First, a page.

First, Do No Harm? - The Watchtower of Destruction: The Ferrett's Journal
First, Do No Harm?|
You know what I hardly see anyone ever talking about in polyamory? What responsibilities we have, if any, to our lovers’ other partners.
’cause I know if I wrote an essay on “Here’s how poly people abuse their lovers,” I’d get a zillion fist-pumps and a hundred inbound links and a hundred comments going, “SO TRUE! Polyamory is all about being good to the one you love.”
But if I wrote an essay about “Here’s how poly people abuse their lovers’ partners,” I suspect I’d get a faceful of awkward silence, followed by a round of defensive, “Well, it’s not my problem. I don’t need to worry what happens over there.”
Yet that shit happens. You and I both know there are so-called “poly people” who start dating with the idea of chipping away at all the other lovers, edging them out like this was some sort of battle in the arena. You and I both know that there are folks who don’t ask, “Hey, is this cool with your other partners?” when they’re both caught up in NRE and spiralling out of control. You and I both know that for every case of polydickery, there’s another eager poly person going, “Well, every time I kiss him it’s like tin foil on her teeth, but I don’t care if she’s hurting as long as I’m satiated!”
You’ve got a lot of folks who are basically saying, “Well, if those other people get hurt, that’s awesome, as long as I get what I want.”
And I dunno. I treat poly like I’m going camping in the woods; leave nothing but footprints, take nothing but pictures. (Lots and lots of pictures.) When I’m operating in someone else’s ecosystem, I try to be respectful of not just them, but the people they supposedly love. And if I sense they’re acting in a way that might potentially hurt those people, I take a full stop and go, “Wait, is this okay?”
Which leads to some really awkward and painful fucking conversations. It’s killed some chances at sex, because some folks get really upset when you double-check their motivations. But my whole goal is to leave this relationship as I left it; when I walk away, I’ll have the satisfaction of knowing that even if things are dysfunctional, at least I didn’t function it more.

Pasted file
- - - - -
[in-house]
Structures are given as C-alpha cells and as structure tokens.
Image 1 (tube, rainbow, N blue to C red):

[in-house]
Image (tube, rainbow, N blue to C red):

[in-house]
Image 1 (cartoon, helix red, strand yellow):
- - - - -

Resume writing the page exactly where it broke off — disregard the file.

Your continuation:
…which is not to say that I’m a slave to the poly web. If I think my lover’s dating someone who’s doing something bad or irrational, I’ll discuss that with them, encourage them to bring those awful habits up for discussion. In doing so, I make some more room for myself. But I always try to treat the guy (or girl) on the other side of me with respect, so at least if I’m pushing an agreement they know why.
Yet that’s also an aspect of privilege. I’ve got my primary, and I’m always going home to snuggle up in a warm bed with someone I love. If I was in the all-secondary, all-the-time club, would I be so magnanimous? There’s a good chance I wouldn’t. It’d be harder to walk away when the alternative is masturbation in an empty apartment.
I think the reason why the polyamorous really hate having these discussions is because getting to the partners on the other side is fuckin’ hard, yo. You’re not dating them. In many cases, you may not like them enough to want to sit down for long couch sessions to determine what they want. In some cases you may see them as actively toxic. You’re seeking out the company of people you don’t want to have conversations you hate to have that may lead to a breakup.
As noted, my insistence on “…and is this okay with the collective?” has torpedoed a couple of relationships. It’s caused some intense fights I would have preferred to avoid, leading to premature shakeouts. It’d be a lot easier just to shrug my shoulders and go, “Fuck it, that’s their issue” – and maybe that’s the correct thing to do. You can’t save everyone from their own desires, and if they’ve got a problem, then they should have the guts to walk away.
And you get more sex and love. For you.
Still, personally? I can’t counsel a polyamory where you’re okay with protecting your lovers, and okay with watching the people your lover supposedly cares about get brutalized. To me, that has the unpleasant stink of psychopathy about it, in that those “in the circle” are deserving of protection and those “outside” can eat a dick.